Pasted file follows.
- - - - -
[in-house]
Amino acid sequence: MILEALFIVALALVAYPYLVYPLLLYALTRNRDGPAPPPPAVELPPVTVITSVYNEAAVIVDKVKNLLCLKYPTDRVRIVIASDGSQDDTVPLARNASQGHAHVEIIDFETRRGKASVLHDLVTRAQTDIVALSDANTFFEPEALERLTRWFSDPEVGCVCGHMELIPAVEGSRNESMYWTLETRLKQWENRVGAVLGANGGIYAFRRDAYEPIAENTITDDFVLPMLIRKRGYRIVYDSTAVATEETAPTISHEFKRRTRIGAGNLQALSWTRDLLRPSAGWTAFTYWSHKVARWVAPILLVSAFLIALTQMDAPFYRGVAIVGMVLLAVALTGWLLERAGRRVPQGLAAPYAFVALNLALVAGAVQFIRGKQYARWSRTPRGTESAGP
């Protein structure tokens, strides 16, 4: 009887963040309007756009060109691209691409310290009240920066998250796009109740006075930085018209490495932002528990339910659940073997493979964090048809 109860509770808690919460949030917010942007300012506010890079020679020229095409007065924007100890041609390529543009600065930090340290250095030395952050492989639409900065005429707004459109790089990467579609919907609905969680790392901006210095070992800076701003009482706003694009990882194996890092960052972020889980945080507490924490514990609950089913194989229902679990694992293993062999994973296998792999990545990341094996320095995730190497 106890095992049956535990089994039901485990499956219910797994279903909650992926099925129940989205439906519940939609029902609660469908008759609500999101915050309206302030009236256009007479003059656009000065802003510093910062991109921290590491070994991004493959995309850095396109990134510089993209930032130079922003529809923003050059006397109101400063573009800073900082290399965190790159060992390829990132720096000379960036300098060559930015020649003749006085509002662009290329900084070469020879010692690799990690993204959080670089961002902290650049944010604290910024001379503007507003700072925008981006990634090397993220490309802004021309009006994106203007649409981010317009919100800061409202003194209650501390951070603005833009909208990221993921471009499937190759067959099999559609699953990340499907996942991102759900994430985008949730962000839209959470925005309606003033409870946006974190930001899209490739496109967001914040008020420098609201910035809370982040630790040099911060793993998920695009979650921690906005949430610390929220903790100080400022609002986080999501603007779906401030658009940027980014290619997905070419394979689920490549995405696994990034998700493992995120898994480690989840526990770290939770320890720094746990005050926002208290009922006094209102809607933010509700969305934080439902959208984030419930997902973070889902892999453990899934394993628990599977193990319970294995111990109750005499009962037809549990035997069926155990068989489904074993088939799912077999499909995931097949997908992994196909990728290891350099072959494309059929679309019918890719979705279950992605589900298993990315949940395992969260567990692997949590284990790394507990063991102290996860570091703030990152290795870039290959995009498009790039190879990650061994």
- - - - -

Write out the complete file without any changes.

[in-house]
Amino acid sequence: MILEALFIVALALVAYPYLVYPLLLYALTRNRDGPAPPPPAVELPPVTVITSVYNEAAVIVDKVKNLLCLKYPTDRVRIVIASDGSQDDTVPLARNASQGHAHVEIIDFETRRGKASVLHDLVTRAQTDIVALSDANTFFEPEALERLTRWFSDPEVGCVCGHMELIPAVEGSRNESMYWTLETRLKQWENRVGAVLGANGGIYAFRRDAYEPIAENTITDDFVLPMLIRKRGYRIVYDSTAVATEETAPTISHEFKRRTRIGAGNLQALSWTRDLLRPSAGWTAFTYWSHKVARWVAPILLVSAFLIALTQMDAPFYRGVAIVGMVLLAVALTGWLLERAGRRVPQGLAAPYAFVALNLALVAGAVQFIRGKQYARWSRTPRGTESAGP
């Protein structure tokens, strides 16, 4: 009887963040309007756009060109691209691409310290009240920066998250796009109740006075930085018209490495932002528990339910659940073997493979964090048809 109860509770808690919460949030917010942007300012506010890079020679020229095409007065924007100890041609390529543009600065930090340290250095030395952050492989639409900065005429707004459109790089990467579609919907609905969680790392901006210095070992800076701003009482706003694009990882194996890092960052972020889980945080507490924490514990609950089913194989229902679990694992293993062999994973296998792999990545990341094996320095995730190497 106890095992049956535990089994039901485990499956219910797994279903909650992926099925129940989205439906519940939609029902609660469908008759609500999101915050309206302030009236256009007479003059656009000065802003510093910062991109921290590491070994991004493959995309850095396109990134510089993209930032130079922003529809923003050059006397109101400063573009800073900082290399965190790159060992390829990132720096000379960036300098060559930015020649003749006085509002662009290329900084070469020879010692690799990690993204959080670089961002902290650049944010604290910024001379503007507003700072925008981006990634090397993220490309802004021309009006994106203007649409981010317009919100800061409202003194209650501390951070603005833009909208990221993921471009499937190759067959099999559609699953990340499907996942991102759900994430985008949730962000839209959470925005309606003033409870946006974190930001899209490739496109967001914040008020420098609201910035809370982040630790040099911060793993998920695009979650921690906005949430610390929220903790100080400022609002986080999501603007779906401030658009940027980014290619997905070419394979689920490549995405696994990034998700493992995120898994480690989840526990770290939770320890720094746990005050926002208290009922006094209102809607933010509700969305934080439902959208984030419930997902973070889902892999453990899934394993628990599977193990319970294995111990109750005499009962037809549990035997069926155990068989489904074993088939799912077999499909995931097949997908992994196909990728290891350099072959494309059929679309019918890719979705279950992605589900298993990315949940395992969260567990692997949590284990790394507990063991102290996860570091703030990152290795870039290959995009498009790039190879990650061994």